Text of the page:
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FBI Warns of BlackByte Ransomware Attacks on Critical Infrastructure

The BlackByte ransomware has been used in attacks on at least three critical infrastructure sectors in the United States, the Federal Bureau of Investigation (FBI) and the U.S. Secret Service (USSS) warn in a joint advisory.

The BlackByte ransomware has been used in attacks on at least three critical infrastructure sectors in the United States, the Federal Bureau of Investigation (FBI) and the U.S. Secret Service (USSS) warn in a joint advisory.

Available as a Ransomware-as-a-Service (RaaS), BlackByte has been used in attacks against US and foreign businesses, including in critical infrastructure sectors such as government, financial, and food and agriculture, the FBI and USSS warn.

BlackByte operators recently claimed to have obtained financial data from the San Francisco 49ers as a result of an attack that targeted the football team.

Some victims, the joint advisory says, discovered that the attackers exploited a known Microsoft Exchange Server vulnerability to gain initial access to their environments.

Next, the ransomware operators deployed tools that allowed them to move laterally on the network, and also attempted to elevate privileges before stealing and encrypting data.

Following a BlackByte attack, the victim typically finds a ransom note in all directories where files were encrypted. The note instructs the victim to access a website on the Tor network to pay a ransom in exchange for the decryption key.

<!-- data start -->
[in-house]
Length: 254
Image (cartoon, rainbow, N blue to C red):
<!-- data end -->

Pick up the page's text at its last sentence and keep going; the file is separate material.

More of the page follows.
[READ: SecurityWeek Cyber Insights 2022: Ransomware]

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The FBI and the USSS also note that, in some incidents, files were only partially encrypted. “In cases where decryption is not possible, some data recovery can occur,” the advisory reads.

While previous versions of the ransomware downloaded a .png file before starting the encryption process, newer variants no longer communicate with external IP addresses.

The ransomware was observed spawning a process and injecting code into it, creating scheduled tasks and specific artifacts, dropping certain files, and executing specific commands.

The FBI-USSS joint advisory contains a long list of Indicators of Compromise (IoCs) associated with BlackByte, as well as recommendations on how organizations can mitigate the risk of ransomware.

Related: Ransomware Targeted 14 of 16 U.S. Critical Infrastructure Sectors in 2021

Related: 5 Ways to Reduce the Risk of Ransomware to Your OT Network

Related: CISA Warns of Threat Posed by Ransomware to Industrial Systems

Written By

Ionut Arghire is an international correspondent for SecurityWeek.

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